Anti-left wave spurs Indonesian reaction
JAKARTA, Indonesia (CNN) -- Dozens of groups have launched a wave of anti-communist attacks in Indodnesia in recent months, targeting everything they deem leftist.
In some instances, wearing a Che Guevera t-shirt can spark an attack.
So intense have the attacks become that the Indonesian government has vowed to prevent anti-communist groups from raiding bookstores and destroying leftist books.
Last month, a Muslim youth group burned novels by renowned author Pramoedya Ananta Toer, as well as books on Karl Marx's thoughts and the Indonesian Communist Party.
The anti-communist organizations, grouped under the umbrella of the Anti-Communist Alliance, also issued a threat to raid bookstores on May 20, the National Awakening Day, to look for books with leftist titles, and later to search for suspected communists.
In Yogyakarta, a town in south-central Java, they repeatedly disrupted student protests or seminars, looking for suspected members of the tiny, leftist People's Democratic Party, and those wearing t-shirts of Che Guevara, the Latin American revolutionary hero.
Many bookstores, including the country's two biggest franchises, have removed suspect books from their shelves.
In Jakarta, Minister of Justice and Human Rights Baharuddin Lopa said the government would stop raids on bookstores.
"Cabinet has decided that the sweeps will not be allowed," Lopa said on Thursday, without explaining what steps the government would take.
In the anticipation of the planned book-sweeps, Yogyakarta police have collected 49 books, comprising of 19 different titles, from nearly a dozen of bookstores and street vendors, The Jakarta Post daily reported.
"We were not confiscating the books. We only asked the book owners to entrust police with keeping them in safe place," said Yogyakarta police chief Brig-Gen. Saleh Saaf.
"We'll return them when the situation has returned to normal."
However, many people wondered why police chose an action that limited the distribution of such books rather than protecting the bookstores from the unlawful attacks.
Under the rule of president Suharto, "communism" was a dirty word, the regime's bogeyman. The government and the military often labeled the dissents as "communists" to legitimize a crackdown.
The anti-communist feeling started in 1965, when Suharto, then an army general, blamed the Indonesian Communist Party, Asia's second biggest, as plotters of an aborted coup, which killed six generals and one lieutenant.
He unleashed a communist witch-hunt around the country, which -- by one estimate -- killed one million people. Suharto outlawed the Indonesian Communist Party and its mass organizations, banned literature regarded as "leftist" and kept reminding people of "the latent danger of communism."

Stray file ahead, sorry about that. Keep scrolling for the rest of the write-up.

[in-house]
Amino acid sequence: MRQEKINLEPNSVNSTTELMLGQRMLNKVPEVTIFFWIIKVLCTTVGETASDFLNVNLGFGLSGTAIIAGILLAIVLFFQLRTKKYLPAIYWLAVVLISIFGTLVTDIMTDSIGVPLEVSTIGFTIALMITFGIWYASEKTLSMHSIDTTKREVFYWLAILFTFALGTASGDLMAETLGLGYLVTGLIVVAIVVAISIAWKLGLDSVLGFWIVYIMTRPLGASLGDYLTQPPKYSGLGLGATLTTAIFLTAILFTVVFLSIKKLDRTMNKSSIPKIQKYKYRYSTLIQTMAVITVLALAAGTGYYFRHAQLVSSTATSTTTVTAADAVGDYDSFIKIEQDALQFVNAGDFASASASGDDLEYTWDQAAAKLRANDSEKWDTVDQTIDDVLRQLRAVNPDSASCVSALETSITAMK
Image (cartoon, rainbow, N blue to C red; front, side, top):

The fall of the strongman has blown a fresh wind of freedom. Books, such as writings on Karl Marx and novels of Toer, ex-political prisoner accused of being communist, are sold freely in bookstores and book fairs.
Despite the relaxation, not all Indonesians are ready to change their attitude.
The Parliament reacted angrily when President Abdurrahman Wahid proposed to revoke the ban on the Indonesian Communist Party.
In the recent months, indeed, the anti-communist movement has showed its revival. In March, a mob from an obscure Muslim group stopped a funeral procession for victims of 1965-1966 communist massacres in Central Java.
The movement has dumbfounded many Indonesians.
"The anti-communist hysteria is difficult to understand because the Indonesian Communist Party and communism have not showed any signs of movement in Indonesia since 1968," said Franz Magnis-Suseno, a philosophy professor whose book, "Karl Marx's Thoughts: From Utopian Socialism to Revisionist Disputes", was among those burned last month.
However, it is obvious some books are targeted because of their titles rather than their real content. Magnis-Suseno's book is more of criticisms against Marxism, rather than advocating it.
The groups have also widened their campaign targets -- they threaten to destroy the Farmers' Statue in Jakarta, which they see as a communist symbol.
The Anti-Communist Alliance has 33 groups under its wing, ranging from "hardline Muslim" groups such as the Islamic Defenders' Front and the Islamic Youth Movement to "nationalist" ones such as the Red-White Troops, led by ex- East Timor militia leader Eurico Guterres, responsible for terror and deaths in 1999 in the territory.
Many intellectuals and writers have condemned the threats, saying it could threaten the newly acquired freedom.
Not a few of them believe that the military and Suharto's New Order elements are behind the anti-communist groups.
"This is an effort to link the reform movement with communism," said dramatist Ratna Sarumpaet, spokeswoman of the Alliance for the Freedom of Thought and Speech, which was set up to lobby the government to take actions against the attacks.
Petrus Hariyanto, secretary-general of the People's Democratic Party, believes the groups' attacks are linked with the party's campaign to disband Golkar, the ex-ruling party.
"Their action is threatening the democracy," he said. "Communism is only a tool to legitimize their actions, and the sentiment is being made-up."
Anti-communist mob threaten Indonesian activist
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